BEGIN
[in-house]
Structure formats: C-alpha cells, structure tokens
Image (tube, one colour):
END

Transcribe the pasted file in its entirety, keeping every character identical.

[in-house]
Structure formats: C-alpha cells, structure tokens
Image (tube, one colour):